Differences between Financial and Management Accounting


Accounting as a discipline and practice is concerned with recording, estimating, organizing and summarizing financial and operational data (Garrison, Noreen & Brewer 2011, p. 34; Hilton & Platt 2011, p. 45). The financial information derived could be classified into financial accounting and managerial accounting. These two types of accounting have several aspects which distinguish one from the other.

The first of the differences involve user orientation. Financial accounting deals with providing information to stockholders, creditors, tax authorities and regulators who are outside of the company; whereas, management accounting deals with providing information to the company’s managers who direct and control the company’s operations (Garrison, Noreen & Brewer 2011, p. 33-34; Hilton & Platt 2011, p. 45). Although both groups of users rely on the same financial information, their perspectives vary according to their interests in the firm. For example, stockholders are interested to find out from the financial statements if they have acceptable returns from their investments; while creditors need to know if the company has the capacity to fulfill its financial obligations, while tax authorities need to know how much taxes are due based on the financial operations.

Second, the emphasis of financial accounting is on the financial consequences of past activities while management accounting is oriented towards using the financial data to make decisions for the future (Garrison, Noreen & Brewer 2011, p. 34). Financial accounting is more of a historical account of business activities whereas management accounting aims to project financial events that are yet to come.

Third, financial accounting focuses on objectivity and verifiability, while management accounting emphasizes relevance (Garrison, Noreen & Brewer 2011, p. 34). Relevance in management accounting means that the financial information should be applicable to the problem. For instance, being able to project the sales volume should indicate the budget required for purchasing inventory and the logistic expenses needed to handle such inventory.

Fourth, financial accounting emphasizes precision whereas managerial accounting stresses timeliness (Garrison, Noreen & Brewer 2011, p. 35). Accuracy down to the last centavo is held important in financial accounting. Meanwhile, managerial accounting depends on good estimates which are provided aptly so that decisions and the circumstances in which decisions are made contribute to the efficiency of plans or goals.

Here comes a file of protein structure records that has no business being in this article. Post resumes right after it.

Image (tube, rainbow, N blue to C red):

The fifth difference concerns the presentation of financial data. Financial accounting reports the summary of the entire company’s financial activities (Garrison, Noreen & Brewer 2011, p. 35). Contrastingly, managerial accounting looks into segments of financial information. For example, in management accounting, expenses in the product lines could be analyzed to identify which products may be prioritized and which products need to be removed from the product offers. The products weeded out are obviously those that are no longer profitable and may perhaps prove to drain the company’s funds.

Sixth, financial accounting also needs to comply with Generally Accepted Accounting Principles (GAAP) (Garrison, Noreen & Brewer 2011, p. 35). By doing this, external users are assured that the financial reports are made according to a common set of conventions so that the financial information is comparable with those of other firms in the industry and that fraud and misrepresentation are avoided. For management accounting, this aspect is not necessary as the users are internal.

The final difference is that financial accounting is mandatory while management accounting is compulsory (Garrison, Noreen & Brewer 2011, p. 35). External groups like the Securities and Exchange Commission and the tax authorities oblige the regular submission of financial statements from companies. In management accounting, a company may or may not practice management accounting as the option to apply management accounting in the company may be based on the company’s capabilities, orientation or practices.


Garrison, R, Noreen, E and Brewer, P 2011, Managerial Accounting, 13th edition, McGraw-Hill, New York, pp. 33 – 35.

Hilton, R and Platt, D 2011, Managerial Accounting, Global edition, McGraw-Hill, New York, pp. 45 – 46.

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